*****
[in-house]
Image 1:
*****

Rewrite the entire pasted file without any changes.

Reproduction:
[in-house]
Image 1: